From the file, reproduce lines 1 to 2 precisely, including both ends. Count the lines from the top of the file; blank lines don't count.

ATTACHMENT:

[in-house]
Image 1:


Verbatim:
[in-house]
Image 1: